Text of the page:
The book falls prey to many common cliches. Elizabeth and Hunter fall in insta-love after about a day? Maybe a week? I can’t really tell, since the timeline is confusing. Elizabeth is not at all put off by the fact that she finds Hunter strangling a woman at party, or by the fact that he’s the number one suspect in a murder investigation. Although she barely knows the guy (despite having a crush on him for basically her entire life), shejust knows that he isn’t like that. Elizabeth also describes herself as fat at the beginning of the book (why is this relevant?) and then tries a “caveman diet” and is suddenly skinny after like two days, because that’s how diets work. Also, everybody is constantly saying how beautiful and perfect this girl is, as if that’s all that matters in life. Elizabeth starts off having a personality at the beginning of the book (she’s a grad student studying ethics and has friends that she actually hangs out with) but by about 30% in, she’s just hanging off every word that Hunter says and ignoring him when he tells her to leave him alone. By the end of the book, her only personality trait is kindness. And somewhere in about the last ten pages, Hunter goes from constantly telling Elizabeth to leave him alone and just go home to spending every waking (and sleeping) moment with her? I don’t understand.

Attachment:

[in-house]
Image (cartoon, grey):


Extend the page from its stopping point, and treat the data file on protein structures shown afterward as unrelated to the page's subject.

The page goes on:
Still, for some reason, I kept coming back for more. Something must have kept me reading. Maybe I wanted to find out what happened to Sarabelle, the escort Hunter was accused of murdering. Maybe I wanted to find out if Cross would ever come out of his coma. I’m not really sure, but despite all the problems I had with the plot, I wanted to know what would happen next.
Final rating: 2.5/5 stars. I liked it enough to keep going, but will not be reading the second book in the series.
Note: The Kindle version of Selling Scarlett is currently free on Amazon.
[see my original review here]